One needs to take a step back and contemplate what this means as to the thinking of Congress towards Trade Secrets.

      This was NOT a small change.

      Prior to the AIA (in large part), the fact of the matter – and part and parcel of the “Metallizing Doctrine” effect was that if one engaged in NOT sharing and instead opted for Trade Secrets, one put oneself at risk to be labeled an infringer for some LATER person obtaining a patent on the very item that was protected by Trade Secret. It did not matter AT ALL whether or not you had arrived at the invention point earlier – the later granted patent REMOVED your ability to practice your Trade Secret protected item.

      This was colloquially known as the “Stick” portion of the dual nature of patent protection (the other portion known as the “Carrot” portion).

      Congress sent a very clear signal against this doctrine by removing the Stick.

      Congress sent a very clear signal that one COULD continue to practice Trade Secrets without the penalty of another coming up with the invention. This is critical because this removes part of the “logic” of Metallizing in that there is NO LONGER the premise used by the Courts – that premise being the fear of another coming along and patenting what was protected by the Trade Secret. No Stick, no fear, no argument – Congress explicitly made this into a “pure race” situation, and that race INCLUDES the ones practicing Trade Secrets. Since the “threat” of “swearing behind” has been removed as well, the idea of pure race ALONE was deemed “good enough.”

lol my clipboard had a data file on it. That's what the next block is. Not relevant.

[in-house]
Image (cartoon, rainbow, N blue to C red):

NONE of the supporting arguments that I have seen for continuing the Metallizing doctrine take this sea change into account.

      Not one.

      ** Separately, but most definitely related, the notion of “the public” includes the juristic person of the corporation. It is no accident that this particular portion of “the public” has garnered an outsized “voice” with the legislature, up to and including the notion of capturing the legislature, given the effects of Citizens United. I footnote this though, because this is a separate matter deserving its own scrutiny, and stands quite apart from the law that is patent law already written and passed by Congress, no matter which voices were ringing in their collective ears.

      Naysayers are welcome – indeed expressly invited – to respond with substantive counter points – if you can find such.

  2. 6

    What happened to all those claiming on blogs that they would stop filing patent applications in view of Alice and IPRs?

    1. 6.1

      Good question.

      Perhaps some see the raising of the “long shot” Constitutional questions as actually having possible impacts and thus, it might still make sense to file now ( 😉 ).

      1. 6.1.1